Electricity and Gas 27/10/2020

Understanding Tariffs and Fees on Electricity and Gas

Tariff, simply put, is the price you pay for the energy service provided to you. It may include any other applicable fees under your contract, such as GST (Goods and Services Tax). Here are the things you need to know to understand tariffs and fees on your electricity and gas supply.

Tariffs: What are you paying for?

There are energy retailers whose tariffs are regulated, or set, by the government of that state or territory. It is essential that you understand your contract, especially all the costs related to your energy.

Tariffs may reflect a fixed or variable charge:

  • The fixed charge, also referred to as daily supply charge or service to property charge, is not about how much energy you used (listed as ‘cents per day’). Rather, it reflects how much it costs on a daily rate basis.
  • The variable charge or the consumption charge, meanwhile, reflects how much energy you actually consumed (listed as ‘cents per kilowatt hour’ and ‘cents per megajoule’ for electricity and gas, respectively).

The variable charge may be influenced by the following factors:

  • How much energy do you use. The first block of energy is the cheapest; the rate goes higher as you consume more. This is, however, offered in reverse by other retailers, with the first block of energy at a higher rate and goes cheaper the more you use.
  • Appliances that are metered separately and operate overnight
  • GreenPower or any renewable energy options added to your electricity or gas cost
  • When you use energy. Charges may differ according to the season, day, and time of energy usage.

If you look at the back of your bill, you will see what tariff you are on. This handy guide will help you navigate and understand your energy and gas bill.

The Right Tariff for You

One way to help reduce your energy cost is to choose the right type of tariff according to your energy usage. Here are the different electricity tariff options:

  1. Single rate (or flat rate) tariffs — charge is not determined by peak and off-peak periods. You are charged the same regardless of the time of the day you consume energy.
  2. Time-of-use tariffs — charge is determined by peak, off-peak, and shoulder periods. Peak period is when electricity cost is at its highest, typically during weekdays evening. Off-peak, meanwhile, is when electricity cost is at its cheapest, usually on weekends and overnight. The shoulder is the rate falling between peak and off-peak periods.
  3. Controlled load tariffs — the retailer charges a rate for specific appliances (underfloor heating system, for example) with its own metre and the energy it uses.
  4. Demand tariffs — this tariff is a charge added on top of your regular supply charges for the maximum energy usage at a time period. This time period is usually when you have appliances running and consuming energy at once.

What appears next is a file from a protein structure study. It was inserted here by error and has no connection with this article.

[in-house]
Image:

Other Fees You May Be Charged With

Other than the standard tariff on your electricity and gas, your bill may reflect charges that are not directly related to your energy consumption. You may be charged fees for certain services, such as:

  1. Establishment fee for installing your connection.
  2. Solar metre installation for replacing your metre with a renewable energy installation.
  3. Early-exit fee for leaving your contract earlier than the duration you and your retailer have agreed upon.
  4. Disconnection fee for disconnecting electricity when you vacate your property.
  5. Reconnection fee for moving into your property and connecting electricity once again to your property.
  6. Special metre read charges for reading by a technician upon your request.
  7. Late payment charges for not paying your energy bill on time, or for not having enough funds on your direct debit account.

Reducing Your Tariff Costs

There are plenty of techniques to lower your energy cost. One common practice is by shifting electricity use to a time period when tariffs are at the lowest. This entails knowing the site’s peak and off-peak periods and operating electrical loads during the off-peak period. Setting up a solar or photovoltaic system may also help reduce your energy bills. Choosing energy efficient appliances will also help decrease energy consumption.

Do you know that you that it’s also possible to negotiate a good energy contract with the retailer? This, however, will involve quite a bit of research on your end to collect relevant data to present to the retailer.

But there is one simple way of reducing your power bill: by comparing different energy providers! Makes Cents has an easy to use comparison tool that will help you find the best deal so you won’t have to pay so much on gas and electricity. Try it out today!